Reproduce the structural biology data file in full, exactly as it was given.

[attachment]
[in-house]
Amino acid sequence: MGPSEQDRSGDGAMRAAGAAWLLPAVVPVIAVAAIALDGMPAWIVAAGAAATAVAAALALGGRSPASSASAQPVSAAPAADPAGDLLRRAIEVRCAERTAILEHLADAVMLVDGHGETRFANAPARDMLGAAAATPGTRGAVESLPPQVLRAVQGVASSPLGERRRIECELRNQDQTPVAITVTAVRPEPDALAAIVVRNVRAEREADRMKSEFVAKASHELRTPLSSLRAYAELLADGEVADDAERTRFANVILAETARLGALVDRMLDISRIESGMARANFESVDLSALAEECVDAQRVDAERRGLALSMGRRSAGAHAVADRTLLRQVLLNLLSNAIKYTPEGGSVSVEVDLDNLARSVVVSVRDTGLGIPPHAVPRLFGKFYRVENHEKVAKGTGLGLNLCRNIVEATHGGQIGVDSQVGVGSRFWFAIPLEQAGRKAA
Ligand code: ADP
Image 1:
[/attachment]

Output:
[in-house]
Amino acid sequence: MGPSEQDRSGDGAMRAAGAAWLLPAVVPVIAVAAIALDGMPAWIVAAGAAATAVAAALALGGRSPASSASAQPVSAAPAADPAGDLLRRAIEVRCAERTAILEHLADAVMLVDGHGETRFANAPARDMLGAAAATPGTRGAVESLPPQVLRAVQGVASSPLGERRRIECELRNQDQTPVAITVTAVRPEPDALAAIVVRNVRAEREADRMKSEFVAKASHELRTPLSSLRAYAELLADGEVADDAERTRFANVILAETARLGALVDRMLDISRIESGMARANFESVDLSALAEECVDAQRVDAERRGLALSMGRRSAGAHAVADRTLLRQVLLNLLSNAIKYTPEGGSVSVEVDLDNLARSVVVSVRDTGLGIPPHAVPRLFGKFYRVENHEKVAKGTGLGLNLCRNIVEATHGGQIGVDSQVGVGSRFWFAIPLEQAGRKAA
Ligand code: ADP
Image 1: